I thought this was one of those Apple spoof commercials…it’s not.
Apple and HTC may have gotten together and worked out an agreement to stop patent litigation between them, but we don’t really know what the exact numbers are. Some analysts did the math after the total deal number and came up with a guess that HTC would be paying $6-8 for each handset, a number that HTC CEO Peter Chou claims is “outrageous.”
“I think that these estimates are baseless and very, very wrong. It is a outrageous number, but I’m not going to comment anything on a specific number. I believe we have a very, very happy settlement and a good ending,” Chou said in a recent interview. Chou would seem to know best since he personally led the negotiations with Apple, but until the official numbers come out the question still lingers of who came out on top of this deal.
Well, this video takes the cake. It’s epic. It’s awesome. Samsung vs. Apple in the ultimate Star Wars parody battle. Whoever made this video, I hope you become a millionaire.
Cheers Nick S!
Last week, Apple and HTC met for a 10-year licensing deal, which led us to wonder if any other Android OEMs would follow suit. Samsung wants to head that discussion off before it even starts with a short and to the point comment today. Samsung’s Mobile Head JK Shin had this to say on the subject:
Regardless of HTC’s settlement with Apple, we have no intention [to settle].
That was simple. Samsung certainly has the sales numbers to go toe-to-toe with Apple and pay for these court proceedings. If they really think they have a case it’s up to them, but as of now it doesn’t seem that the end of the patent wars are near.
Via: Sammy Hub
As of this weekend, we no longer (well, for 10 years) have to write about Apple and HTC fighting in courts over patents. According to press releases posted by both companies yesterday, the two have reached a global settlement that includes the dismissal of all current lawsuits and a 10-year license agreement. This agreement extends to current and future patents. The terms have been kept confidential.
CEOs from both companies made brief statements, admitting that they are pleased to have resolved their dispute. Both also mentioned “innovation” as something they are looking forward to.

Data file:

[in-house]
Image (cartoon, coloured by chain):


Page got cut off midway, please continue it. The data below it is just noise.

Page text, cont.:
I don’t really have a lot of thoughts to add other than, “It’s about damn time.” HTC is struggling and can’t continue to fight in courts against someone as big and powerful as Apple. With this out of the way, they can get back to building great products and trying to turn down times around.
The trial between Samsung and Apple that was decided months ago will not go away, but today’s news might have some serious implications on the outcome. We’ve talked about Vel Hogan before, the jury foreman that may or may not have had previous bias against Samsung that could have affected the outcome. Judge Lucy Koh said in a statement today that she would be willing to hear Samsung’s case that Hogan concealed information during jury selection.
According to research firm Strategy Analytics, the iPhone is no longer the best selling smartphone in the world. During Q3 of this year, the Samsung Galaxy S3 topped the iPhone 4S to take the crown. Having sold 18 million units in Q3, the Galaxy S3 held a 10.7% share of the entire smartphone market, while the iPhone 4S held 9.7%, moving 16.2 million units.
Now, keep in mind that the iPhone 5 didn’t have the entire quarter to tally numbers, so Q4 could be drastically different. Still, this is a pretty big feat for Samsung, since Apple has owned this title for years. There truly are only two major players in the smartphone industry these days.
Cheers Nick S!
Remember last week, when we reported that Apple was only willing to pay $1 to Motorola for every iPhone sold over use of the Google-owned company’s patents? The lawsuit involving that report has now been tossed out by a judge in Wisconsin. Apple’s initial complaint that Google and Motorola were unfairly trying to license their patents in question has been shut down “with prejudice” by the judge. That means that the case is done at the trial court level, but can still be appealed, something Apple will likely do.
Cheers Cory and everyone else who sent this in!